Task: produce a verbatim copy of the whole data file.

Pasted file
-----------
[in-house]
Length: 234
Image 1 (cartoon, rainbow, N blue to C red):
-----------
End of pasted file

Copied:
[in-house]
Length: 234
Image 1 (cartoon, rainbow, N blue to C red):